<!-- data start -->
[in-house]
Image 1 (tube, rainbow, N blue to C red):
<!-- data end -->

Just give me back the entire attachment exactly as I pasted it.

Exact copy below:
[in-house]
Image 1 (tube, rainbow, N blue to C red):